JOINT BASE BALAD, Iraq --
The diminishing presence of U.S. forces in Iraq is a tangible indication of the improvements in the security situation. Hostile incidents in Al Anbar province have been at historic lows since the beginning of Operation Iraqi Freedom. Unfortunately, it has also shed light on the nonhostile and preventable incidents afflicting units across the branches of the military serving here.
In early May, an article published by the Boston Globe stated that between September 2008 and April 2009, 72 troops died from non-combat related incidents, while 67 were linked to enemy actions; it was the first extended period of OIF that insurgents did not cause the greatest threat. It has become an issue of concern that unit commanders work toward mitigating every day, both in the U.S. and while deployed.
In January of this year there were two tactical vehicle accidents within the 2nd Marine Logistics Group (Forward). In both cases, fatigue was listed as a contributing factor. It was the driving force behind Maj. Robert J. Gallagher’s decision to go on a road show across Al Anbar to provide specialized training to the subordinate units of the MLG (Fwd) in hopes of initiating a deterrent to prevent future accidents.
Gallagher, who is the air officer for 2nd MLG (Fwd) and a trained F/A-18 Hornet pilot, has used the stringent preparations taken by pilots before takeoff and has applied them to the operators of ground convoys running missions throughout Al Anbar.
The training Gallagher provided was the same brief he received when he attended the Aviation Safety Officer’s School in Pensacola, Fla. The course is designed to prepare aviation safety officers to assist commanders and commanding officers in conducting aggressive mishap prevention programs. It focuses on how the brain works with respect to regulating bodily functions and the importance of getting the adequate amount of rest, according to Gallagher.
“Both driving and flying requires that you not only have training, but that you be physically prepared to safely operate [the vehicle or aircraft],” he said.
During the course, the students learned that without the proper amount of sleep, someone’s decision-making abilities fall in line with someone who has consumed a significant amount of alcohol. For instance, a fatigued individual who has been awake for 16 straight hours is going to make decisions on par with someone with a blood alcohol content of .05, and after 19 hours, it rises to a .08 BAC, which is the maximum legal limit for driving in most U.S. states.
“What I am hoping this training will accomplish is to educate Marines on the importance of getting the proper amount of rest,” said Gallagher.
For 2nd Lt. Marc A. Hunter, a platoon commander with Transportation Support Company, 2nd Supply Battalion, 2nd Marine Logistics Group (Forward), and convoy commander for a recent five-hour convoy to Joint Base Balad, the training helped provide valuable information to him and his Marines that they will be able to employ on future missions.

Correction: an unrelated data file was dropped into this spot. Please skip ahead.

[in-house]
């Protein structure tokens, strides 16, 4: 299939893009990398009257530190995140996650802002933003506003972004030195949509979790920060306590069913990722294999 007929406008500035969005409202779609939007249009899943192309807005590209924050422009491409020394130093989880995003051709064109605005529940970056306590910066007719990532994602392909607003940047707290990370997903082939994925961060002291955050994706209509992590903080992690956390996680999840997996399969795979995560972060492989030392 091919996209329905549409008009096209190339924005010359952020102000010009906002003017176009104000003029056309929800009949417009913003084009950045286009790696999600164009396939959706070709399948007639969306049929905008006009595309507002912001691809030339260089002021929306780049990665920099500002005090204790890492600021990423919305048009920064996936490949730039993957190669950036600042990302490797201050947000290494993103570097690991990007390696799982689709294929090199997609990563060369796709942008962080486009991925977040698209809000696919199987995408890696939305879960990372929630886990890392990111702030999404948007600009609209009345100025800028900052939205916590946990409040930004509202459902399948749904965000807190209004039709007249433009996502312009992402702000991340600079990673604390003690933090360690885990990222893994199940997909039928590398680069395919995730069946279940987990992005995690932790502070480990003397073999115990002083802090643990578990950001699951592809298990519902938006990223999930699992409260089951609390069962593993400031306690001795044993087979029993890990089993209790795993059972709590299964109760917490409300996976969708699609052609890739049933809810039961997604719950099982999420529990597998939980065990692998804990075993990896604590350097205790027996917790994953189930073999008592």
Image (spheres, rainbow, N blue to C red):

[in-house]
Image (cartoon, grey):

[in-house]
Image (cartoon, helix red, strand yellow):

“[It] really was beneficial,” Hunter said. “We may not be flying F-18s, but [driving tactical vehicles is still dangerous] and it is important to be alert at all times.”
The 32-vehicle convoy lead by Hunter departed Camp Al Taqaddum the evening of June 21 and arrived at JBB early the next morning. These hours are typically off limits for Marine and sailors to drive when stateside and going on long road trips, but necessary on the roads of Iraq in order to cause the least amount of disruption to the local populace. Aside from the typical challenges of operating vehicles at night, the Marines also face the risks of sporadic small-arms fire and improvised explosive device threats that, while minimal compared to the heightened levels of violence seen in the earlier years of OIF, do add additional risks for the convoys.
“The biggest thing I stress to the Marines is always prepare for the worst and pray for the best, so when the time comes to take action there is no hesitation and everyone knows their role,” Hunter said. “One of the most difficult, but important, parts is clear and concise communication throughout the convoy to keep everyone’s [situational awareness] up and [everyone] acting appropriately.”
In order to ensure his Marines remain focused and ready to act at a moment’s notice when faced with any situation, Hunter ensures his Marines get the full amount of recommended sleep.
“Sleep is definitely important,” Hunter said. “We make sure the Marines get at least eight hours of sleep before convoys.”
Although rest is important for everyone with a contributing role during a convoy, it is even more critical for the drivers. Lance Cpl. Simon J. Lopez, a driver during the convoy to JBB and also a member of TS Co., has been driving tactical vehicles for 11 months, but was able to learn more in-depth how the sleep cycle affects your performance and coordination while performing your job.
Lopez now ensures he gets eight hours of uninterrupted sleep before going on a mission. He understands that getting the right amount of sleep is how you can best prepare for driving long hours, especially at night.
“It makes me a lot more vigilant [when driving during times] with low visibility,” Lopez said.
Since the training was presented to all of the convoy operators of 2nd MLG (Fwd), and commanding officers of the subordinate units made the eight-hour rest plan part of their standard operating procedures, the MLG has had no recorded tactical vehicle accidents to date.